A retired Western Australian farmer has bequeathed nearly $1 million to fund research at Murdoch University.
Mr Robert Keith Hammond, affectionately known as Bob, passed away in January 2012 at the age of 75.
“This is the largest single bequest the University has received, and is a fine example of how one person’s gift can make a real difference to so many people,” said Vice Chancellor Professor Richard Higgott.
The funds will be used to support ‘research into mutually advantageous or mutually exploitative relationships between humans and other species of animal’.
Born into a farming family, Mr Hammond spent his youth in regional Western Australia, going to school in Beacon, Bencubbin, Esperance and Mount Helena before finishing his education at the WA College of Agriculture in Narrogin.
At the age of 18, he was granted a licence to agist sheep on crown land, later establishing his own farm
north-west of Beacon. In his later years, Mr Hammond enjoyed a quiet life in the Perth suburb of Guildford.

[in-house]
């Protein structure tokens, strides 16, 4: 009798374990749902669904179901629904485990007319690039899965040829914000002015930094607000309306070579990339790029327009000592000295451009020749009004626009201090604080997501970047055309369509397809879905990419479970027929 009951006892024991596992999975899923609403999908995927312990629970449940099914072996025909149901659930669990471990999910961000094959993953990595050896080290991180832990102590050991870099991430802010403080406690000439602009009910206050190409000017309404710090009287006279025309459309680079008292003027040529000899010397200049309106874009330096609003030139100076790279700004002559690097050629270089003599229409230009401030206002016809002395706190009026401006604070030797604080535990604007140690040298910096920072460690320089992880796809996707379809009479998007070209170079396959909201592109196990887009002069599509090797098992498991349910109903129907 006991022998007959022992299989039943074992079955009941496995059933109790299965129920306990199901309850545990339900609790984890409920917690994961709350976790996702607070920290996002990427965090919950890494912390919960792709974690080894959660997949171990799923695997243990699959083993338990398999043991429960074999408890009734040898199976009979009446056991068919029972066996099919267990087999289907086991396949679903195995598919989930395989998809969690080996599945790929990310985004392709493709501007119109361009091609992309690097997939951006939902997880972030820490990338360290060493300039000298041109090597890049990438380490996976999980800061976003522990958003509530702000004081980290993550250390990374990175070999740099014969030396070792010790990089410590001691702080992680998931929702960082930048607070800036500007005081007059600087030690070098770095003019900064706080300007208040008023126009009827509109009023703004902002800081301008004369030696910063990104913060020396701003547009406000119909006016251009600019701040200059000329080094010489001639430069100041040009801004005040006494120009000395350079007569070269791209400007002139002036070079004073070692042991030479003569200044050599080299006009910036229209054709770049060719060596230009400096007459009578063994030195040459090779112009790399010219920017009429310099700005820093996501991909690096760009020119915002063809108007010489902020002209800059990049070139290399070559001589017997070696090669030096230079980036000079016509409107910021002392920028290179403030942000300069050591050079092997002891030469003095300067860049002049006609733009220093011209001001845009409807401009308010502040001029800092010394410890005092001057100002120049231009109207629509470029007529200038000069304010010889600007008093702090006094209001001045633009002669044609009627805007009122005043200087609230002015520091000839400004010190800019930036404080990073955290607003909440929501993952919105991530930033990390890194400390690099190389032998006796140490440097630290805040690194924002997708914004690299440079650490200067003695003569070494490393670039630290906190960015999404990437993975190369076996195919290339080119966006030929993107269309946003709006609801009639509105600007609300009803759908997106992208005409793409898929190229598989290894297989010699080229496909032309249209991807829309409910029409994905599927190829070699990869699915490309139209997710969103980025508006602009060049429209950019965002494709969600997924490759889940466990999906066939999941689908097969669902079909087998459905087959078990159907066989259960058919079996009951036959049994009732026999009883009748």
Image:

He was known for his love of reading and passion for learning. During his lifetime, Mr Hammond
contributed nearly $350,000 for a number of ‘studentships’ to fund research projects undertaken by students.
Murdoch University researcher Dr Hugh Finn received one of these studentships during his PhD studies.
The funds were used to investigate the conservation biology of bottlenose dolphins in Perth metropolitan waters.
In his 2005 thesis, Dr Finn expressed special thanks to Bob Hammond ‘for his generous support and interest in the research.’
In addition to being generous with his money, Mr Hammond was also generous with his time. He volunteered for the Swan Guildford Historical Society, was an active birdwatcher and conservationist, and supported several environmental groups.
Mr Hammond’s bequest will be used to establish the Robert Hammond Scholarship and the Robert Hammond Research Grant.
To learn more about leaving a gift to Murdoch University in your will, click here or call Kristin Mannix,
Development and Planned Giving Officer, on (08) 9360 7294.